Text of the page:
Tuesday, July 31, 2012

Timed Writing: 7/31/2012


Time: 15 minutes
Prompt: "After lunch I was a little bored and I wandered around the apartment"
Source: The Stranger by Albert Camus

On that first day of this new life, I left work at two minutes past twelve, as I had on every day before. I walked the three blocks of fractured concrete sidewalk to my home. I re-heated two slices of linguisa and bell pepper pizza that were in the refrigerator and I ate them along with a Braeburn apple. I drank ginger-ale from the can. While eating, I watched pigeons on the roof of a convenience store.

After lunch I was a little bored and I wandered around the apartment with a cloth, dusting surfaces. My dust cloth caught the corner of a framed photograph of my parents that sat atop the spinet  The picture fell behind the instrument and a sharp crack told me that its glass had broken.

I knelt low beside the piano's end and heaved it forward and aside with fingertips and shoulder. Revealed were the framed photo, shards of glass, a good deal of dust and lint, three startled spiders, many strands of their architecture, and a bright coin reflecting sunlight from the window. No, not a coin. A tiny mirror. Or... It was round, yes. It illuminated a column of dust motes directly above it. A circle of light in the floor. My eyes adjusted to the anomaly and I recognized it as a hole—a hole through which yellow-white light shone up into my living room.

I had assumed the lease when my father moved to an assisted living community after my mother's death. With the apartment came all of the furniture save for a chair and bed that my father took. The piano stayed. The piano had never been moved that I had seen. Not for decades.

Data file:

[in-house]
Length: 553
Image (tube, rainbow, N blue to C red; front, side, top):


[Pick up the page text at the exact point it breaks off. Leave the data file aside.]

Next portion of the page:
I swept up the glass and the other detritus of the years. Then I knelt over the little round window in my floor—the glowing orifice, the fairy-sized porthole. I closed one eye and lowered my face to the spot of bright. The closer I approached, the wider grew my view through the aperture. A single point of light opened to a view of a sun centered in a pale blue sky, surrounded by cloud shapes—animals: sheep, llamas, alpacas, vicunas—trotting, tumbling.

A movie of sky was playing on a giant screen that lay face-up on the floor of the apartment below. An art installation of some sort, perhaps. But I had never seen such a perfect video image before. The picture was clean, impossibly bright. It was the perfect that could only be real. It was not real.

I strained for a wider angle of view. If I could just see the edge of the screen, its frame, I would be satisfied. Try as I might, pressing my cheek to the polished wood, twisting and contorting my body, I could never quite gain a low enough angle to glimpse the screen's periphery.

(about my timed writing exercises)


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